2015] FREE SPEECH 503
Co. v. Sullivan was that private claims empowered by the state can undo free
expression.4 But the speech protected in the case that launched the modern
First Amendment5 cost $4800 in 1960.6 Indeed, in his argument to the Court,
Commissioner L.B. Sullivan ridiculed the Times’ claim to be promoting the
“equality of practical enjoyment of the benefits” of free speech and press.7
Justice Brennan, writing for the Court, could only argue that “‘editorial
advertisements’ of this type” at issue in the case allowed “persons who do not
themselves have access to publishing facilities . . . to exercise their freedom of
speech even though they are not members of the press.”8 Still, by turning the
First Amendment’s gaze from direct state regulation of speech to private law,
Sullivan helped usher in an era when speech, powered by the Internet, would
in fact become free—in both senses of the term. Free as in speech, and free as in
First Amendment was thought not to prohibit or limit state tort laws that allowed private actions
for damages related to injuries caused by negligent publications.” (footnote omitted)).
4. Sullivan is often heralded for introducing the requirement of malice for any case of libel
against a public official, but its more fundamental innovation was to render private law within the
disciplinary domain of the First Amendment’s free speech and free press clause. N.Y. Times Co.
v. Sullivan, 376 U.S. 254
, 291–92 (1964). Such an approach was so new that the Alabama
Supreme Court could have dispatched the New York Times’ constitutional arguments earlier in the
case in merely two sentences—the first stating that the First Amendment did not apply to state
libel, and the second that there was no state action in a private tort claim. See N.Y. Times Co. v.
5. Sullivan has been widely extolled (though largely on other grounds). See Harry Kalven,
Jr., The New York Times Case: A Note on “The Central Meaning of the First Amendment,” 1964 SUP. CT.
REV. 191, 208–10 (explaining that the case defined the “central meaning” of the First
Amendment); id. at 221 n.125 (quoting Alexan der Meiklejohn’s statement in response to the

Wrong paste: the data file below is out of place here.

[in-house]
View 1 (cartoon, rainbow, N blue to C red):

Sullivan decision: “an oc casion for dancing in the streets”); see also L
EE C. BOLLINGER,
UNINHIBITED, ROBUST, AND WIDE-OPEN: A FREE PRESS FOR A NEW CENTURY 14 (2010) (calling
Sullivan “[o]ne of the most important First Amendment decisions in the twentieth century, and
perhaps of all time”); Floyd Abrams, In Memoriam: William J. Brennan, Jr., 111 HARV. L. REV. 18,
21 (1997) (noting Sullivan “is the quintessential First Amendment ruling in our history”);
Richard A. Epstein, Was New York Times v. Sullivan Wrong?, 53 U. CHI. L. REV. 782, 782 (1986)
(calling Sullivan an “epochal case”).
6. Sullivan, 376 U.S. at 260 (noting that a full page advertisement cost $4800). A similar
advertisement today runs between approximately $67,000 and $241,000. N.Y. TIMES, 2014
BUSINESS ADVERTISING RATES 4 (2014), available at http://nytmediakit.com/uploads/rates/14-
0208_2014_Business_RateC_AW5.pdf; see also Jen Chung, Full-Page NY Times Ad with A.O. Scott’s
Tweet Cost $70,000, GOTHAMIST (Jan. 6, 2014, 5:30 PM), http://gothamist.com/2014/01/06/
Brief for Respondent at 31, Sullivan, 376 U.S. 254 (No. 39), 1963 WL 105892, at *31.
“The Times charged the regular commercial advertising rate of almost five thousand dollars,
scarcely as ‘an important method of promoting some equality of practical enjoyment of the
benefits the First Amendment was intended to secure.’” Id.
9. This turns on its head Richard Stallman’s famous aphorism about open source
software—free as in speech, not free as in beer. Jonathan Zittrain, Normative Principles for
Evaluating Free and Proprietary Software, 71 U. CHI. L. REV. 265, 271 (2004) (discussing Stallman’s
description of “free software”).